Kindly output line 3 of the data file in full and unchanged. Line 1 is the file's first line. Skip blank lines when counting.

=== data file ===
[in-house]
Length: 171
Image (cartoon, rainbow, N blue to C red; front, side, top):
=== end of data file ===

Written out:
Image (cartoon, rainbow, N blue to C red; front, side, top):